We first covered the Dragonbox Pyra in 2014 when it was described as an open-source handheld game console powered by Texas Instruments OMAP5432 SoC, or maybe AllWinner A80, Intel Bay Trail, or Qualcomm Snapdragon processors since the exact specifications were still in the works for the Pandora successor. Michael Mrozek (EvilDragon) finally decided to keep going with the OMAP5 processor due to the good documentation and software support, and pre-orders started in 2016 with a 330 to 400 Euros downpayment and no clear timeline about shipping. It eventually took over four more years, but the Dragonbox Pyra is finally getting assembled and shipping to backers has started. Since so many years have passed, you’d be forgiven if you completely forgot or did not know at all about the specifications: SoC – Texas Instruments OMAP 5432 SoC with 2x Arm Cortex-A15 @ 1.5 GHz with NEON SIMD, 2x ARM Cortex-M4, Imagination Technologies PowerVR SGX544-MP2 3D GPU, and Vivante GC320 2D GPU […]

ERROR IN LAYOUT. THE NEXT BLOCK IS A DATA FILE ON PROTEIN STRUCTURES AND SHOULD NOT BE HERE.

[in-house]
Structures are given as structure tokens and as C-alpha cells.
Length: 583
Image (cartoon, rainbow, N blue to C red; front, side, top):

The Raspberry Pi 4 is a pretty cool board, but if you wished it was just a bit smaller, and you could use the PCIe interface exposed by the Broadcom BCM2711 processor more easily, Timon has designed Piunora carrier board for the Raspberry Pi Compute Module 4. The solution provides a board with the guts of Raspberry Pi 4 SBC but using the Arduino form factor including access to the six ADC pins, and an M.2 socket with the PCIe signal from the Broadcom SoC. Piunora carrier board (preliminary)specifications: SoM compatibility – Raspberry Pi CM4 module with Broadcom BCM2711 quad-core Cortex-A72 processor @ 1.5 GHz, 1 to 8GB RAM, optional 4GB to 32GB eMMC flash, optional wireless module with 802.11b/g/n/ac WiFi 5 and Bluetooth 5.0 Storage – 1x MicroSD card socket (for the OS when using Raspberry Pi CM4Lite system-on-module) Video Output – 1x HDMI 2.0 port up to 4Kp60 Camera I/F – MIPI camera connector USB – 1x USB […]